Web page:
Judicial Alternative Dispute Resolution Hearings Pilot 2021
Very recent tribunal announcement on Judicial Alternative Dispute Resolution Hearings Pilot 2021:
- From May 2021 until the end of July 2021, the First-tier Tribunal Special Educational Needs and Disability will list certain types of appeals for judicial alternative dispute resolution (JADR) hearings. These will be cases which involve Section I of an EHC plan.
- The JADR hearing will be listed approximately one week after the final evidence date and two weeks before the date of the final hearing. It will have an estimated length of up to 1.5 hours.
- The purpose of the JADR hearing is to support parties to resolve their disputes by agreement. At the hearing the judge, who has been trained in judicial mediation, will consider how to assist the parties to reach an agreement.
- It may be possible for the judge at the JADR hearing to provide a view as to whether either party is being unrealistic, either in respect of the evidence provided to support the placement they propose or the grounds of appeal or response. In some cases, it may be possible for the judge to express an opinion as to the strength or weakness of the appeal or response (or parts of them).
- It is important to stress that JADR hearings are private, confidential hearings and that the judge who conducts the JADR hearing will not conduct the final hearing in the case, if the parties cannot reach an agreement. If the judge expresses a view about the strength or weakness of the appeal or response, or about the strength of the evidence, that is not binding on the parties, but it is hoped that it will help them to reach their own agreement. Anything said at the JADR meeting should be kept confidential and not referred to after that hearing.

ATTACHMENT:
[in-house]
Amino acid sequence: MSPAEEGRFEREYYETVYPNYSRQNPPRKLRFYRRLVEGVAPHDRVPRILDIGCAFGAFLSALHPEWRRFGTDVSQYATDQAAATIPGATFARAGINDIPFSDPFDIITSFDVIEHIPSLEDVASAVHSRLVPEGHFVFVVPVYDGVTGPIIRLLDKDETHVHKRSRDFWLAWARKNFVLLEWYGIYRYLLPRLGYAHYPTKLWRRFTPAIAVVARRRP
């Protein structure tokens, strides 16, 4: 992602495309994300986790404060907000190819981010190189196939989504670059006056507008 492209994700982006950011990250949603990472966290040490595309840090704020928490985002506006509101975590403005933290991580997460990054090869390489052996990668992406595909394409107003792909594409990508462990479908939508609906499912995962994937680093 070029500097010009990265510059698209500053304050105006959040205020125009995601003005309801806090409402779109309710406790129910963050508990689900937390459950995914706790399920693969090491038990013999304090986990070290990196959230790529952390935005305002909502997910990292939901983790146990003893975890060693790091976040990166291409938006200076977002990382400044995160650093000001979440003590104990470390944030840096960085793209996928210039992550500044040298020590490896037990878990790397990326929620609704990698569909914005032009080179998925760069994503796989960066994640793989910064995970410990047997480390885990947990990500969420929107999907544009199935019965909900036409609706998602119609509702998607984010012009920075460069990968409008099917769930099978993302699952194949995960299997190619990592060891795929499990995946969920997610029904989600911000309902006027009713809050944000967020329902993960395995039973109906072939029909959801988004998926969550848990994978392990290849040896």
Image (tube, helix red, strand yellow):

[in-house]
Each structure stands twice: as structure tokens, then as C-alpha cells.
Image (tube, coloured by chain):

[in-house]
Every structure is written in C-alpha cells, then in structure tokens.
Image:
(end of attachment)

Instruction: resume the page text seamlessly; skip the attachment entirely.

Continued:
- The judge may ask the parties to sign a draft consent order if an agreement is reached in principle. If the parties are not able to reach agreement at the JADR hearing a short report will be prepared identifying the issues to be decided by the Tribunal and relevant legislative provisions to be taken into consideration.
- It is important to stress that the purpose of the JADR hearing is to carry out the Tribunal’s duty under rule 3 of the Tribunal Procedure Rules 2008 (as amended) to encourage the use by the parties of an alternative procedure for the resolution of the dispute and facilitate the use of the procedure if the parties so wish and to further the overriding objective set out in rule 2.
- The overriding objective enables the Tribunal to deal with cases fairly and justly, which includes:
- ensuring that the parties are on an equal footing;
- dealing with cases in ways which are proportionate to the complexity and importance of the issues;
- avoiding unnecessary formality and seeking flexibility in the proceedings;
- avoiding delay, so far as compatible with proper consideration of the issues; and
- using any special expertise of the Tribunal effectively.
These principles will be applied in JADR hearings.
Although in exceptional circumstances, some necessary case management directions may be given by the judge at the JADR hearing, the purpose of the hearing will be to focus on ways of encouraging the parties to resolve their dispute by agreement. It would not be appropriate to consider issues such as postponing the final hearing, directing further evidence or considering detailed disputes over a hearing bundle, at a JADR hearing.